Spring Sports Affected by COVID-19

Kimmie Rauscher

We are moving into our sixth week of social distancing and e-learning and many people are wondering, “What is happening with our spring sports?” At the moment, many of the seasons have been officially canceled, but there’s still a glimmer of hope for our Girls’ Soccer and Boys’ Baseball seasons. 

When sophomore Emslie Guion from Girls’ Varsity Soccer was asked if there is a small chance for rescheduling their season, she replied, “Yes! As long as we go back on April 30th we will have a shortened season and a chance to win state!”

Sophomore Kullen Ringenberg from JV Baseball was asked the same question and he replied, “Well, it’s not canceled yet, the SCHSL (South Carolina High School League) meets tomorrow and the fifth to decide but both teams, JV and Varsity, had a ton of potential.” 

There is still plenty of hope along with many prayers for everyone’s seasons to continue. Everyone is anticipating the return for school and the ability for these extracurricular activities to come back into play. When the news was officially announced to the public that schools would be closed for the month of March, no one had a clue about how long we’d stay out. Now we have been scheduled to stay home for another month, until April 30th, and many have accepted the fact that they will no longer play for the rest of the school year. From everyone I interviewed, everyone believed that their teams had great potential for the current season. 

When sophomore Michael Lemmon from JV Boy’s Lacrosse was asked how he felt about the cancellation he replied, “Well it really sucks, because we only played one game and the rest were canceled from weather.” 

Sophomore Brady Myers from Boys’ Varsity Lacrosse had this to say in response to the same question, “It doesn’t feel good, I feel sorry for our seniors, and I feel sad that I won’t be able to achieve my goals I set for myself this year.” 

Another sophomore, Ethan Garza, from Boys’ Varsity Soccer stated, “Soccer was a thing that I can do to get away from all the outside problems in the world, when I play I forget about everything that’s happening outside of soccer so I’m really sad that this year I won’t be able to bond and create new friends on the team.” 

A fourth sophomore, Kylee Pennington, from Girls’ Varsity Soccer stated, “It makes me really sad because school soccer has always been one of my favorite parts of the year, and this year we had an amazing team who could’ve went far.”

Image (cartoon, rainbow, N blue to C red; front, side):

Lastly, in response to this question, sophomore Aden Boden from Boys’ JV Lacrosse had this to say: “It’s sad and disappointing, but now that the virus is at full speed it makes sense. It is really unfortunate for the seniors though and hopefully we can still have summer league.”

Overall, everyone is upset that they will not be able to play, but they are all completely understanding and recognize that the current situation could have made things worse if we were to continue. 

When sophomore Yazmin Wilson from Varsity Track was asked how she felt about the cancellation she replied, “I’m definitely sad, I was really excited for the season! But, I get it at the same time because everyone’s health is important too.” 

Everyone is hoping that the seniors aren’t too devastated by this and they can still continue playing and/or move on with life through college. Many players are emotionally connected with their sports, making them feel even worse about the season being gone. For some, this is their last season they will ever play and now it has been swiped away from them.

While all these athletes and teams are missing their practices and games, many have continued to keep in touch throughout quarantine. They have done many things such as working out at home by doing either actual work outs or practicing their individual skills. Others have also kept in contact through video meets to ensure their team is still hanging in there or to just say a nice hello and see each other’s smiling faces during these upsetting times. 

When asked about what their team does to stay in contact and continue to workout, sophomore Kayla Bartus from JV track replied, “We haven’t gotten workouts really, but most of us (including me) are disciplined enough and determined so we do workouts on our own like I’m about to do!” 

In response to the same question, sophomore Lily Aldrich from Girls’ Varsity Soccer stated, “Yes, we actually have a Marco Polo going on where we all chat and log our fitness in a way – we also do some Zoom Meetings but we’re still working out the kinks.” 

According to Emslie Guinon, Marco Polo is an app that the team uses where they, for the most part, “…send in little, short videos in a chat with the team.” She informed me Marco Polo is somewhat similar to Snapchat’s format and the team uses it to post all the ways they are continuing to stay active during this time. 

Lastly, sophomore Brady Myers from Varsity Boys’ Lacrosse had this to say about the following question, “Well we’ve talked to each other but we are respecting social distancing. That doesn’t mean we aren’t practicing. We’ve been doing solo practices in our backyards, running to keep in shape, and also working out.”

Overall, our school has plenty of dedicated athletes that are continuing their seasons on the home front. Many are self-disciplined, such as Kayla Bartus said, to continue working out and working on their individual skills outside of school. Spring is the time that most of our sports are in play which means there are even more sports out there that have been affected and were not mentioned in the article. If we could all learn something from these inspirational people, we would understand that when a wall comes to knock us down there are always multiple ways to go around it.